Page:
Columbia Police Warns Public To Be On Alert For Scammers

Due to the high number of scams that we see attempted on community members, the Columbia Police Department would like to remind everyone to stay alert for scammers. 

Scams can be sent by email, phone call or text message from a person claiming to be connected with an organization like those shown below:

  • With the Social Security Administration, stating that your Social Security number has been used in connection with drug trafficking or other illegal activity,
  • A local law enforcement department, telling you that a loved one has been arrested and needs you to send money to bail them out of jail, 
  • A “police officer” with a local law enforcement department, explaining that you have missed court and must pay a fine immediately or be arrested,
  • An “IRS Agent,” stating that you owe back taxes and will be arrested if you do not pay immediately,
  • With credit card services, offering a lower or 0% interest rate on some or all of your credit cards,
  • Various companies offering to cancel student loans, 
  • A member of “Geek Squad,” saying there is a problem with your computer and remote access is needed to fix the problem,
  • A representative of Microsoft, indicating that you have made a recent purchase and will be charged unless you decide to cancel it by using your bank account or credit card,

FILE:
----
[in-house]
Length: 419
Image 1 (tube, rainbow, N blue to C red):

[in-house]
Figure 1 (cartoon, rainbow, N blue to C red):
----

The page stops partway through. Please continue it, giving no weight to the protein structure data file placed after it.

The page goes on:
• With a local “utility company,” stating that you are past due and service will be shut off if payment is not received immediately.

Columbia Police encourages community members to talk with and share this information with family members and friends. These scams often target the elderly and trusting community members who are not aware.

Taking these precautions can help you avoid being scammed:

  • Never give out any personal information. This includes your full name, Social Security number and date of birth.
  • Never give out any bank account numbers, credit card numbers, expiration dates or the three-digit CVV number on the back of your credit card.
  • Independently verify you are talking to a legitimate employee of the agency or company that contacted you.
  • Never click on a link included in an email from an unknown or unsolicited sender.  Doing that often installs spyware that will allow the scammer to obtain information stored on your computer. 

Community members who receive any communications asking for personal information or money from an unverified requestor should immediately end the conversation and call 3-1-1 to report the incident. 

For more information, please visit the FBI and Federal Trade Commission websites.

https://www.fbi.gov/scams-and-safety/common-scams-and-crimes

https://www.consumer.ftc.gov/articles/how-recognize-and-avoid-phishing-scams

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